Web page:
The further treatment of asomatognosia takes place after understanding the disease, depending on the respective cause. Cysts and tumors must be surgically removed. In the case of bleeding, it is important to prevent repetitions. Special therapies are available for syndromes such as Anton syndrome. The cortical blindness of this disease can now be largely reversed through targeted light pulses, provided that treatment is carried out quickly.
Outlook & forecast
The prognosis for asomatognosia is not very optimistic. The patient’s lack of insight into the disease often makes treatment or medical care impossible. The patient’s consent is required for treatment to be initiated. This is rarely available due to a lack of insight or is withdrawn shortly after the start of treatment.
To change the situation, participation in psychotherapy is recommended. Only a few patients agree with this as they do not perceive any feeling of illness. If consent is given due to the influence of a guardian, strong resistance from the patient can be expected.
This leads to long delays or a counterproductive result. Without treatment, an increase in asomatognosia is to be expected. The disease progresses and there are more symptoms. In severe cases, irreparable damage occurs.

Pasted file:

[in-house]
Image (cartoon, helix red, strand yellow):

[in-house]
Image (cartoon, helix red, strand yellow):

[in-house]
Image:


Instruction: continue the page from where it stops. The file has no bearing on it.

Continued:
In the best-case scenario, the patient agrees to the treatment and actively participates in the healing process. Here the improvement depends on the physical cause. However, a complete cure is still questionable. In the case of a tumor, an operation must be carried out. The subsequent therapy and the nature of the tumor are decisive for a possible healing. There are ways to alleviate bleeding. Nevertheless, there is also the risk of a fatal course of the disease.
Asomatognosia itself cannot be prevented directly. Causal diseases such as tumors or strokes can be prevented to a certain extent through a healthy lifestyle and regular check-ups.
In most cases, there are no follow-up options available to those affected with asomatognosia. The disease cannot be treated completely either, as it is still largely unexplored so that only a purely symptomatic treatment can take place. However, therapy with the help of a psychologist can alleviate the symptoms of asomatognosia, so that this is recommended to the person concerned.